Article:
I struggled with P yesterday.

P is inappropriate – penis, poop, period, puberty, pimples.

P is boring. Pregnant. Oh, hell no. Pinterest. Meh. Purple. I don’t know. Pancakes! I suck at turning pancakes. There. That’s all I have on pancakes.

I decided to go with the mother of all Ps.

The letter P.

Parenting.

Parenting is a broad subject. I mean, what are we talking about here? Helicopter parenting? Newborn parenting? Teenager parenting? Biological vs. adopted parenting? Mothers vs. fathers? Step parenting? 

I’m not an expert. I’m not an expert at anything really. Even writing – am I an expert? “NO!” shouts every English teacher. I’m definitely not an expert on kids. I have two. I only know my own experience.

Unsolicited parenting advice on the school-age years? Maybe it’s more of a heads-up.

That’s the letter P for you.

  • If you have a daughter, you will need a bonnet. No, not for cutesy pictures when she’s an infant but for school dress-up projects. I don’t know why no one ever told me this – there are times in your kid’s school life that they will need to dress up like a pilgrim, the wax museum project, or a Civil War era woman. There’s always a bonnet and long skirt involved. Start looking now. And get your son a top hat.
  • It’s totally cool that your 2nd grader doesn’t know how to tie shoe laces. I still need to teach Kate. No one from the school has said anything to me about her velcro shoes. We’re cool.
  • Opposite sex parents are heavily favored. If you lost the lottery in passing your sex gene along, the school helps make it all ok. The father-daughter dance. The mother-son Kansas City Royals game. What about the mother-daughter? I’m special too, damnit. Oh! No, I don’t want to volunteer to plan an event.
  • Summer camps are worth every penny. Sure, it’s hard to shell out $400 for a 4-day, half-day camp for two kids but it will feel like a two-week vacation. Start saving money now. These things should have been paid for in February of 2014. The kid’s summer camp is a breath of fresh air in the middle of summer. A glorious Monday through Thursday in half day solitude. Bonus! Your kids will be exhausted.
  • You’ll ugly cry on the first day of Kindergarten. You’re a newbie parent. Us older parents – we get it – it’s a sad day. I give it one year and you, too, will be toasting your kid off to first grade with a coffee in hand, a skip hop back to your car, and the biggest smile on your face that will rival your wedding day.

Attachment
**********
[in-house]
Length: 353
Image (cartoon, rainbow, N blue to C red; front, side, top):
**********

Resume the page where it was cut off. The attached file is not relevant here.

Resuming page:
• After-school activities might just kill you. Financially and emotionally. Dinners are quick. Weekends are gone. It’s fine. We’re all fine. We totally have a life. I heard some great advice from my ear doctor – what? – cherish the time in the car. It’s really the only time you have trapped in an enclosed space with your school-aged kid. Use it to talk to them and tell them, “in my day, I didn’t have iPods to play with in the car so talk to me.”
  • Don’t you worry. If you have daughters, they will talk to you. And talk. And talk. And talk. WAKE UP! She’s talking again. I don’t have sons so I don’t know if they talk as much but the rumors are they don’t. I could be wrong, maybe it’s school-aged kids in general. My kids won’t shut up. I’m rambling. I’ll stop.
  • Long division will appear in your life again. It’s complete bullshit.
  • Foreign languages start earlier. This may vary from state to state or even district to district. My kids speak Spanish. They started learning Spanish from a girl named Dora in preschool and they never stopped. They know everything I learned in middle school. Middle school teachers no hablan ingles. By high school, my kids will be fluent in yelling at me in Spanish cuss words and I’ll be giving them the blinking Dora stare.
  • By the way, it’s called middle school. If you dare drop the words “junior high” your kids will scream at you. “No one says that anymore, mom! Stop it. That’s embarrassing.”
  • Practice equality with the kids. Your kids will remember. Kids won’t have any memories from before ages 4 or 5. Only you will remember your baby’s first step or your toddler using a plunger to plunge the potty training toilet. The school-aged years are fun because not only do you remember what happened but so do your kids. If you eat lunch at school with daughter number one, daughter number two will find out by recess. She won’t confront you that day. Oh no. She’ll file that shit in her brain. She’ll confront you months later and will threaten to tell her teacher that her mom plays favorites if you don’t eat lunch with her too.
  • Practice creativity because the parent projects are heading your way. Oh, yes. You will have homework such as printing off pictures of the family at midnight or interviewing Google headquarters. The parent at-home projects are 50% of your kid’s grade. The other 50% is to show off your parent skills in the hallway. I saw that on Pinterest, nice try. 
  • Remember that lice is not a medical threat. Lice isn’t a medical threat but it will make you want to set your house on fire because an arson charge is easier to deal with. Stop scratching your head. You’re fine.